Follow the link to take this simple to use color test. There are four rows of disorganized color swatches, you have arrange them square by square into order by hue. The two swatches on the opposite ends of each row are fixed so use them as starting guides. You want score a zero; that would be perfect.

http://www.xrite.com/custom_page.aspx?pageid=77&lang=en

I took the test scored a zero! It is really fun, so take the test and post your score in the comment below. You can screen shot your results and post them too.

Joan Miró

Joan Miró i Ferrà is a world renowned Spanish Catalan painter, sculptor, and ceramist working through out the early to mid 1900’s, and had a significant impact on defining the role of art during and after WWI. Miró maintained an independent approach to making art and never formally joined an art group, though it was acclaim for his  Surrealist paintings that brought him international fame. His style is singular and cultivated from his expressed contempt for conventional painting methods as a way of supporting bourgeois society. He spent his career at war with convention and famously declared an “assassination of painting” in favor of upsetting tradition. Miró experimented with many art techniques, the the final work always expressed his unique style that embodied his Catalan heritage and anti-art ideology with child-like whimsy.

Miró was born in Barcelona the son of a watchmaking father and a goldsmith mother on April 20,1893. No doubt his parents’ occupations privileged him with early exposure to art. Drawings by Miró have been recovered dating to 1901, when he was only 8 years old. Miro enrolled at the School of Industrial and Fine Arts in Barcelona until 1910; during his attendance he was taught by Modest Urgell and Josep Pascó. After overcoming a severe case of typhoid fever in 1911, Miró devoted his life entirely to painting at the La Lonja School of Fine Arts in Barcelona, taught by Francesc Galí. In 1918 set up his first individual exhibition in the Dalmau Galleries, still in Barcelona. His works at this time reflect the influence of  many different art movements, such as the pure and brilliant colors used in Fauvism, shapes taken from cubism, influences from folkloric Catalan art and Roman frescos from the churches.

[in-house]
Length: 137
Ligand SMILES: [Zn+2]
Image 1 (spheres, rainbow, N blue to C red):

Joan Miró Painting of Rooster

From the start Miró had a very precise style, picking out every element in isolation and detail and arranging them in deliberate composition. But in 1920 he took a trip to Paris and the art he witnessed there inspired a radically altered style.  Miró befriended Andre Masson and participated in developing Surrealist movement. In Paris, under the influence of Surrealist poets and writers, he developed his unique style: organic forms and flattened picture planes drawn with a sharp line.  Miró’s style has been interpreted as Surrealism combined with the playfulness and whimsical nature of a child born from his use of automatic drawing – a way express the subconscious by allowing the hand to move randomly across the paper. Miró was interested in automatism for its anti-art technique and in the use of sexual symbols (for example, ovoids with wavy lines emanating from them), and he and André Masson were among the first artists to develop automatic drawing as a way to undo previous established techniques in painting. But Miró still purused his own interests and ideals; as displayed by his additional involvement with Expressionist and Color Field movements.